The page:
Chicken Wings, the New Chicken Breast

As the economy continues to struggle, strange things are happening in markets that usually don’t see a lot of change–like the chicken wing industry.

Chicken wings, for a long time the red-headed step child to the chicken breast, has recently become the most expensive chicken part at wholesale prices–largely due to high demand, as many wing chain restaurants (Buffalo Wild Wings, Hooters,  etc) have seen strong growth despite the down economy–apparently as wings are considered a cheap luxury.

In September, average wholesale price for a pound of wings was $1.48, vs. $1.21 for a pound of boneless chicken breast.  This is compared to $0.94 for wings and $1.15 for breasts as recently as May 2008.

The trend has also led to an increase in the number of restaurants offering “boneless wings,” which are actually the now cheaper breast meat shaped into pieces that vaguely resemble the wing–or, as they were known before wings became popular, chicken nuggets (or McNuggets, if you’re a McDonald’s aficionado).  These boneless wings, which seem to generally be priced at a premium over the authentic wings, are actually making more money for restaurants.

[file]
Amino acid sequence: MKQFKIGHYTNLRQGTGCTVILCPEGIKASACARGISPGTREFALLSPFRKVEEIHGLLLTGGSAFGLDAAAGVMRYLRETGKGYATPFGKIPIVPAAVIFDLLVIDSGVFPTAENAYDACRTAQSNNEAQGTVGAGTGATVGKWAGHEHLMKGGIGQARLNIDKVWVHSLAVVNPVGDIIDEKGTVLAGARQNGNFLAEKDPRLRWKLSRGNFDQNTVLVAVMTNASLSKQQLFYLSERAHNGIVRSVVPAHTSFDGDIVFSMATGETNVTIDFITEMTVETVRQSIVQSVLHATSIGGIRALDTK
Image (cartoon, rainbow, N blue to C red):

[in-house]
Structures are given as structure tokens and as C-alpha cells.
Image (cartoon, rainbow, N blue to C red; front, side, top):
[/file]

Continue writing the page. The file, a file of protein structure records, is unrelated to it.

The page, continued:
Personally, I’d just stay home–find some good chicken wing recipes on the web, and fry up your own.  They’re cheaper, usually better, and you don’t have to deal with some moron restaurant manager who prefers playing video games to actually doing anything.  And if you’re really nice, maybe your wife will put on those orange shorts…

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